The Grand Canyon is one of the most beautiful places on planet Earth - and it's also one of the deadliest. Grand Canyon expert Michael Ghiglieri joined Ian Punnett in the first half to discuss gripping accounts of premeditated murders as well as fatal mishaps in the most famous of the world's Seven Natural Wonders. Ghiglieri remarked that the Canyon is one of the best places to plan a murder because "there are no witnesses and so many places that bad things can happen" that often, no one ever finds out about them. One of the first deaths in the Canyon was discovered by a hiker who found human bones buried next to a trail. Ghiglieri said that forensic investigators noticed an arrowhead "right in the center of this guy’s chest cavity" and deduced that the body was at least 900 years old and likely a member of an ancient tribe.
Ghiglieri also recounted the story of John Spangler, a terrifying serial murderer who killed his third wife on a 1993 Easter Sunday hike by pushing her off of an overlook 160 feet to her death. He was at first believed when he reported it as an accident. Another incident involved a Japanese tourist who was found stabbed to death in 2006 after her killer offered to join the search party, which eventually led to his conviction. Ghiglieri said that during the height of the season, "there could easily be 400 other tourists and 500 native Americans" in that area of the park and the suspect pool is large. Many deaths, he said, also happen when tourists are taking photos or selfies near the edge after ignoring signs or climbing over guard rails.
Open Lines followed in the second half. Tim called in from Arkansas to ask Ian if he had heard about the findings of "Egyptian artifacts" in the Grand Canyon. Sky in New Mexico wondered if, with all the photos taken in national parks, if there might be "an increase in documentation of UFOs" in the Canyon. Michael in Virginia detailed his view of miracles of the Bible as advanced technology, to which Ian reacted by stating his belief that grounding the Bible in a scientific viewpoint is a mistake. Another Michael called from Kansas with his experience of seeing "spiderwebs" falling from the sky and his concern that it may have something to do with the "chemtrail" phenomenon.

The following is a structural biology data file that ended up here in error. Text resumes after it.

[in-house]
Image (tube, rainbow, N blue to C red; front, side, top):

Joe in New York said he believes that disappearances and deaths in National Parks are not surprising because "people are not familiar with the conditions and they’re overconfident to a degree, and they make mistakes." Environmental pollution watchdog "Toxic Reverend" called in to report that "thousands of cities in America have higher levels" of lead and other pollutants than the notorious water contamination in Flint, Michigan. Max in California told Ian about his concern over suspected aerial spraying and the "checkerboard patterns in the sky" over his home in Lake Tahoe. Daniel from Kansas asked how truth can be determined in these times. Ian (who teaches communication in college) replied that he sees truth as “facts over time.”